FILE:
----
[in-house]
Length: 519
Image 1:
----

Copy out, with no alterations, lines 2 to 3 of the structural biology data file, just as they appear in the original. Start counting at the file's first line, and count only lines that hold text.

Length: 519
Image 1: